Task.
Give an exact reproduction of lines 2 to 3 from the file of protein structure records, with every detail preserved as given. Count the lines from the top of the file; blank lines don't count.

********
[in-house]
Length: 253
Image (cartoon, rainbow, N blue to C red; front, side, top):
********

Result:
Length: 253
Image (cartoon, rainbow, N blue to C red; front, side, top):